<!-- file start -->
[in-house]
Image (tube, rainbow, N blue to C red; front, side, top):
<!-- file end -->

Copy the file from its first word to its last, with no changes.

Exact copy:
[in-house]
Image (tube, rainbow, N blue to C red; front, side, top):